This post is #188 in a series ... Through this series of posts I plan to share our family's experiences during and following our 17-year-old daughter's year-long battle with brain cancer, which began in February of 2008. My desire is to process through the events of that period from the perspective that a decade of time has brought ... for myself, really. But if you'd like to follow along, you're welcome to join me.
Before I begin today's post, I want to take a moment and express my gratitude to all of you who have been following my posts as I've re-lived the final year of Hannah's life through writing. You have encouraged me and blessed me beyond measure with your comments and kind words. When I embarked on this year of writing, my intention was honestly quite self-serving. Writing is how I best process my thoughts, and I thought it would be helpful for me personally to think back through the events of that year through the lens of a decade. I had no idea there would still be so much interest in Hannah's story after ten years, and it's been a bit overwhelming, yet humbly gratifying, to see how God continues to use her life to touch others. Thank you for encouraging me and allowing me to continue to share.
February 27, 2009
Most families don't have the opportunity to prepare for their child's death the way we did. We had known for a year that Hannah's cancer could be fatal, and even though we prayed earnestly for earthly healing, we knew from the beginning that God may choose to heal her in Heaven. And, of course, we eventually reached the point where we knew her death was a certainty unless He dramatically intervened.
So in the final days of her life, we frequently discussed what her actual passing might be like. We'd been assured that it would be peaceful ending when the tumors on her brainstorm caused her to simply cease breathing, and that's how we imagined it. It would be a beautiful moment as we sang hymns around her bed, maybe even getting a glimpse of a smile on her face as she got her first peek into Heaven.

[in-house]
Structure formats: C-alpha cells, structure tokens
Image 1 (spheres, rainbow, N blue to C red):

As you know from my post yesterday, this was not the case. Hannah's last hours on this earth were not peaceful or beautiful. I don't believe that Hannah was conscious of anything for the last several hours of her life and I an convinced that she did not suffer. In fact, her soul may have already been in Heaven as her body struggled. But those final moments were excruciatingly difficult for us.
When I went to bed that night, for the first time since Hannah's diagnosis I found myself angry at God. Really God? After all she had been through, as faithful as she had been, as much as she had suffered, why did it have to be so ugly at the end? How could He have let this happen? If anyone deserved the beautiful homegoing with a cappella hymns and peaceful smiles, surely it was Hannah!
I angrily complained to God into the wee hours of the morning. Once I'd had my say, He very quietly reminded me: "My Son did not have an peaceful, beautiful death either."
The moment those words entered my mind, my arguments and complaints were abruptly silenced and I could physically feel His peace wash over me. In the calm that followed, I was finally able to sleep.
The next morning, the three of us headed to the funeral home to make arrangements. Choosing a casket just about did me in. Walking into that hushed, dimly-lit room with caskets displayed like new cars on a showroom floor was one of the most unnatural things I'd ever experienced. That is a decision no parent should ever have to do for their child. But it must be done, and we did it, choosing a beautiful but simple oak container for our daughter's body.
We already knew the casket would remain closed for both the visitation and the funeral. Hannah had attended a funeral with us not long before she was diagnosed and it concluded with the attendees filing past the open casket and looking down at the dearly departed loved one. We had barely gotten out of the funeral home when she declared, "I wouldn't ever want people to walk by and look at me like that when I'm dead!" She was quite adamant about that, and knowing her personality like we did, we knew she meant it. Knowing this about her, and aware of the fact that she looked nothing like most people remembered her, there was never any question. The casket would be closed.
My email from ten years ago ...
A visitation has been scheduled for Saturday, February 28, from 6:00-8:00 p.m. at Hot Springs Baptist Church. A celebration service will be held on Sunday, March 1, at 2:00 p.m. at First Baptist Church in Hot Springs. A private family burial will be held on Monday, March 2.
"Now we know that if the earthly tent we live in is destroyed, we have a building from God, an eternal house in Heaven, not built by human hands." 2 Corinthians 5:1
We are so thankful for the seventeen years we had with Hannah here on this earth, and are looking forward to our reunion with her in Heaven. God is good, all the time!
Jill, Brad, and Bethany